October 7, 2020
Encouraging Your Employees to Vote
Although corporate involvement in politics is often not well received, many companies are stepping forward during the pandemic to take on a greater role in voter engagement. COVID-19 is presenting unprecedented challenges across the country including shortages of poll workers, a lack of safe, in-person polling locations, and the need to process unprecedented volumes of mail in ballots.
In order to encourage voter participation among their employees, Old Navy announced that they will pay employees to work at the polls on Election Day and Patagonia will host voter drop boxes in Atlanta and Pittsburgh. Listed below are some other ideas that employers can implement to encourage voter participation:
- Distribute information about how, where, and when to vote, along with tools to register and request a ballot online. Currently, 40 states and the District of Columbia allow voters to register online.
- Host a voter registration event or voting celebration.
- Adopt flexible schedules with no meetings on Election Day.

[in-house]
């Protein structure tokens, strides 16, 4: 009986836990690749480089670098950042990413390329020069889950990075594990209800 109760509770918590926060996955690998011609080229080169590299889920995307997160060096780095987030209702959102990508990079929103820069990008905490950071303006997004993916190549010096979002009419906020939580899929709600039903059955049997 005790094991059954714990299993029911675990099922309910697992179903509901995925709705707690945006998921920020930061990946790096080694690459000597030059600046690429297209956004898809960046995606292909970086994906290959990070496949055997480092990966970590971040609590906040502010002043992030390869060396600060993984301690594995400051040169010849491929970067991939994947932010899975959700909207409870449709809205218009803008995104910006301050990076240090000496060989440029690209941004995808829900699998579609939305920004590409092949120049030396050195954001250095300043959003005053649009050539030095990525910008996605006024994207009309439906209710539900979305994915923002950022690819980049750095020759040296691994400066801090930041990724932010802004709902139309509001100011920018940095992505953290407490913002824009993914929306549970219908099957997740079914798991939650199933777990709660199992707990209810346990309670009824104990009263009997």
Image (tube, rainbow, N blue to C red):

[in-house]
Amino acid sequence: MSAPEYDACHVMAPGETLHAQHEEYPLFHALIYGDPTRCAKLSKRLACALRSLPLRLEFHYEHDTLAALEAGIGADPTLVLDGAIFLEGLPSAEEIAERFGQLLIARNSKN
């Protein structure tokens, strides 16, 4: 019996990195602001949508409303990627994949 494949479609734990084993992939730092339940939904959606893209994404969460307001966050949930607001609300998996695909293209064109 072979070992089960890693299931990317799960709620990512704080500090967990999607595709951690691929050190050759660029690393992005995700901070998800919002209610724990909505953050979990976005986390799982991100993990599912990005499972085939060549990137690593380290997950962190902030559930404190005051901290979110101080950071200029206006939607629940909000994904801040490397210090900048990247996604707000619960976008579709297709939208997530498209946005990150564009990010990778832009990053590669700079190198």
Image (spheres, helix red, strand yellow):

- Provide paid or unpaid time off to vote. Be sure to check state and local laws which may mandate employers to provide time off for voting.
- Allow employees use of printers for absentee ballot applications, as well as paying postage.
- Display notices throughout the workplace or send e-mail blasts to remind employees to vote.
- Encourage employees to offer child care, elder care or rides to the polls for others in their communities to vote on Election Day.
- Provide paid time off for employees to train as poll workers.
Statistics provided by the US Census Bureau indicate an increase in voter turnout from 20 percent in 2014 to 26 percent in 2018 among individuals between 18 to 29 years old. According to a Gallup survey released in mid-July enthusiasm for voting among this age group has been fueled by concerns about the coronavirus pandemic and racial inequality. Despite the increase in voter turnout, many individuals surveyed expressed concern about the availability of information. For example, 75% of young adults reported a lack of personal experience with voting by mail and over one-third -- more than 15 million potential voters – reported that they lacked vital information about how to vote. This is yet another opportunity for employers to close the information gap and encourage voter participation within their workforce.
Sources: SHRM, “10 Ways to Help Employees Vote” Center for American Progress, “17 Ways Companies Can Help Americans Vote Safely” Gallup, “Lack of Voting Information Could Hamper Youth Turnout”
HR/AA consultants are available to work with you on a project, interim or ongoing basis including assistance with understanding, implementing and administering best practices related to the current COVID-19 challenges we are facing.